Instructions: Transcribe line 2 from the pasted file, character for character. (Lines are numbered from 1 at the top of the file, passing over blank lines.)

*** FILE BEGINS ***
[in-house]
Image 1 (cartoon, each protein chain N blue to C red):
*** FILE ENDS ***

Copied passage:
Image 1 (cartoon, each protein chain N blue to C red):